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November 5, 2014

21st Century Interdisciplinary Theme

Global Awareness

According to the Partnership for 21st Century Skills, schools should not only focus on students’ mastery of core subjects, but also promote their understanding of academic content at much higher levels by weaving 21st century interdisciplinary themes into those subjects. One of these themes is global awareness, which involves learning from and working collaboratively with individuals representing diverse cultures, religions and lifestyles in a spirit of mutual respect and open dialogue.

Here are some ideas that will help you enhance your students’ global awareness.

Education Access for All

The Global Education Conference is a collaborative, inclusive, worldwide community initiative involving students, educators and organizations at all levels. It is designed to significantly increase opportunities for connecting classrooms while supporting cultural awareness and recognition of diversity and educational access for all.

The fifth annual Global Education Conference, a free weeklong online event bringing together educators and innovators from around the world, will be held Monday, November 17, through Friday, November 22, 2014 (November 23 in some time zones). The entire conference will take place online in webinar format.

Last year’s conference featured 200 general sessions and 19 keynote addresses from all over the world with more than 8,000 participant logins. To attend this year’s online conference and to be kept informed of the latest conference news and updates, join the Global Education Conference network.

Cross-Fertilization of Civilizations

The Metropolitan Museum of Art’s Heilbrunn Timeline of Art History presents the Met’s collection via a chronological, geographical and thematic exploration of global art history. Authored by the Met’s experts—predominantly made up of curators but also of conservators, scientists and educators—the Timeline of Art History comprises 300 timelines, 930 essays, close to 7,000 objects and a robust index, and is regularly updated and enriched to provide new scholarship and insights on the collection.

World Maps, and accompanying regional maps, are used to navigate to different regions of the world within a selected time period or geographical region.

Timelines provide a linear outline of art history and allow visitors to compare and contrast art from around the globe at any time in history.

Thematic Essays focus on specific themes in art history, including artistic movements and periods, archaeological sites, empires and civilizations, recurrent themes and concepts, media and artists. Each thematic essay provides links to related themes and timelines and often demonstrates the cross-fertilization of civilizations.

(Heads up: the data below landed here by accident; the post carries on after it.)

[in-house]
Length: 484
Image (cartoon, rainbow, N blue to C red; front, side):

The Works of Art in the Metropolitan’s collection celebrate human creativity from around the world and from all eras. Each image can be enlarged for closer scrutiny and is accompanied by supporting material, including when available, links to technical glossaries and artist biographies from Oxford Art Online.

The Timeline is indexed by chronology, geography, theme and subject. Links to world regions, timelines, thematic essays, works of art and the general index provide methods for more directed research.

The World As Visualized in the Past

Visualizing Cultures (VC) was launched at the Massachusetts Institute of Technology in 2002 to explore the potential of the web for developing innovative image-driven scholarship and learning. The VC mission is to use new technology and previously inaccessible visual materials to reconstruct the past as people of the time visualized the world (or imagined it to be).

Topical units to date focus on Japan in the modern world and early-modern China. The thrust of these explorations extends beyond Asia per se, however, to address “culture” in much broader ways—cultures of modernization, war and peace, consumerism, images of “Self” and “Others,” and so on. Images of every sort are introduced and examined—in partnership with contributing institutions and collections, and with the collaboration of experts devoted to transcending the printed word and hardbound text.

The Visualizing Cultures Curriculum offers a full complement of standards-compliant lessons, providing a pathway for teachers and students to become active historians and knowledgeable readers of images.

Miniature Depictions of Cultures

Culture can be expressed through clothing, currency, music, language and more. The international doll collection on the Multicultural Education through Miniatures website highlights more than 300 handcrafted miniatures from around the world. Each figure was selected to depict the culture of the native country; most of the figures are handmade by local artisans. Students and teachers throughout the world are welcome to use the site for school reports and projects.

Several activities and games are provided on the Multicultural Education through Miniatures website to test students’ knowledge about the culture of different regions of the world. Links to other parts of the website are provided at the bottom of each activity page.

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